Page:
BlackbirdI was in Dan Strickler’s office at the Kingsport Times-News earlier this week waiting around the catacombs of IT so we could go to lunch and there it was…abandoned, dull with dust and pushed to the side like a junkyard relic. It surprised me to recognize my first personal laptop computer I used to carry around as an advertising rep for the newspaper in the mid-nineties.

Blackbird was the code name of this computer and back in 1994, Keith Wilson, publisher of the Times put this laptop in the budget for the sales department. I had been obsessed with Apple computers from my first experience in the late eighties and was thrilled to be the first one on the streets with this trendy machine. It was the very best that money could buy too. I remember Dan telling me he got the best money could buy when he turned in the order – almost $5800.00 some thirteen years ago.

It’s a baby now compared to modern computers. I plugged in the power cord, pressed the start button and almost immediately, the computer came to life. Surprisingly the only crack in the case was near the mouse, but other than the dust, this little box was ready to roll.

Oh, there’s nothing to brag about. This laptop only had a 20mb hard drive. In contrast, an entry-line Ipod which sells for $299 has about 1500 times the storage space of this computer! Before my prose waxes more romantic (if it already hasn’t), I thought this was the coolest thing anyone could have and meeting up more than a decade later and placing it beside my new MacBook was an amusing.

The monitor is a 9 inch color screen and it’s size is bulky compared to today’s thin-line computers, but there were a couple of firsts with this product from Apple.

• It was the first to implement a track pad. I remember taking this out in the field and noone had never seen anything that looked like this.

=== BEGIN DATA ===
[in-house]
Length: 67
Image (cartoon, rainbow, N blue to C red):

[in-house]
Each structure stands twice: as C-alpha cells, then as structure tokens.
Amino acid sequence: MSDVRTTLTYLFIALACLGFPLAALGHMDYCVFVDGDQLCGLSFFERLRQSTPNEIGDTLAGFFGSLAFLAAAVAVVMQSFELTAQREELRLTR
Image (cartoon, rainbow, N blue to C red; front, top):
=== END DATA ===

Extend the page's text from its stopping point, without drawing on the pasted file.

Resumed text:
• The Blackbird also had two batteries on each side. This added to the weight, but made the memory beefy for road warriors like myself.

It had one of the coolest color monitors too and during the time, this was great to show color ads, photos and proof of artwork for my clients.

As I mentioned, the old laptop sparked right to life when I pushed the power button, the famous Macintosh Chime ushered in a slow reboot and in about a minute, the “happy mac” login screen gave way to a small color desktop with the old System 7 operating system.

Over the past few days, I’ve enjoyed showing everyone my old laptop. Like all my old Macs it’s no surprise to see that the little box still does everything it’s supposed to. It’s even one of the first portable email clients and still has a version of Netscape Communicator and runs Photoshop 4.0. Now the little bugger probably couldn’t even begin to start some of today’s megalithic code and that’s what makes this little box so elegant. All of the programs on this box (Quark, Office, Filemaker Pro) are all written to operate on a small hard drive (big at the time I suppose). A 20mb hard drive would barely be enough to run any modern software application, so I’ve reveled over the poetry of the code and the economy that developers adhered to when they made this laptop and the software.

The old Blackbird 540c has seen some miles too. I know three other sales reps who used the old computer over the past several years. For now though, I’m gonna give it a Fantastik bath, clean off the system software and leave it running in my office to tell my old fart stories about the way it used to be. Glad to you have back my old friend.

Damn…I need to get out more…